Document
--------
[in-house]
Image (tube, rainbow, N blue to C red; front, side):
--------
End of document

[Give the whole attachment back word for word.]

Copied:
[in-house]
Image (tube, rainbow, N blue to C red; front, side):